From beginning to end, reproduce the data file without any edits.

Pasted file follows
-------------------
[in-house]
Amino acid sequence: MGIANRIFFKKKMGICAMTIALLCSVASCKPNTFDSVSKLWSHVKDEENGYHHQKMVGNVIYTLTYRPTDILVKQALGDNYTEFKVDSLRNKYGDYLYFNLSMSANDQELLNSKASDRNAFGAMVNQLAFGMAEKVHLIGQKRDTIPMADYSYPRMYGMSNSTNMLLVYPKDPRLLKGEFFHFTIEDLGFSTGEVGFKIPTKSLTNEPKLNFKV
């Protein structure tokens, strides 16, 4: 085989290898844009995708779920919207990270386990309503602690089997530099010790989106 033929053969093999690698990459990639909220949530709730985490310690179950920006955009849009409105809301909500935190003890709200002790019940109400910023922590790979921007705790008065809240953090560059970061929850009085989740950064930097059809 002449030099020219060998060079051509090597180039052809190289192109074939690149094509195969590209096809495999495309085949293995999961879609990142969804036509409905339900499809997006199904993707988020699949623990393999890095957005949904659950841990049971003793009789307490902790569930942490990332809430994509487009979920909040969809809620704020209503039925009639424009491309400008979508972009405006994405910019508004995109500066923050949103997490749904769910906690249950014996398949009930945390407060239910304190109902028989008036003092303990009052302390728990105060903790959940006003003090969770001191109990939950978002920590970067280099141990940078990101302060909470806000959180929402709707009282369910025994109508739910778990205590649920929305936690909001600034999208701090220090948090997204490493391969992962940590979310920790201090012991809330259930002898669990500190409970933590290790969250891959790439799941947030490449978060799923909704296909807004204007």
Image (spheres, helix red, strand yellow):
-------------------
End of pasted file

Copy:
[in-house]
Amino acid sequence: MGIANRIFFKKKMGICAMTIALLCSVASCKPNTFDSVSKLWSHVKDEENGYHHQKMVGNVIYTLTYRPTDILVKQALGDNYTEFKVDSLRNKYGDYLYFNLSMSANDQELLNSKASDRNAFGAMVNQLAFGMAEKVHLIGQKRDTIPMADYSYPRMYGMSNSTNMLLVYPKDPRLLKGEFFHFTIEDLGFSTGEVGFKIPTKSLTNEPKLNFKV
């Protein structure tokens, strides 16, 4: 085989290898844009995708779920919207990270386990309503602690089997530099010790989106 033929053969093999690698990459990639909220949530709730985490310690179950920006955009849009409105809301909500935190003890709200002790019940109400910023922590790979921007705790008065809240953090560059970061929850009085989740950064930097059809 002449030099020219060998060079051509090597180039052809190289192109074939690149094509195969590209096809495999495309085949293995999961879609990142969804036509409905339900499809997006199904993707988020699949623990393999890095957005949904659950841990049971003793009789307490902790569930942490990332809430994509487009979920909040969809809620704020209503039925009639424009491309400008979508972009405006994405910019508004995109500066923050949103997490749904769910906690249950014996398949009930945390407060239910304190109902028989008036003092303990009052302390728990105060903790959940006003003090969770001191109990939950978002920590970067280099141990940078990101302060909470806000959180929402709707009282369910025994109508739910778990205590649920929305936690909001600034999208701090220090948090997204490493391969992962940590979310920790201090012991809330259930002898669990500190409970933590290790969250891959790439799941947030490449978060799923909704296909807004204007």
Image (spheres, helix red, strand yellow):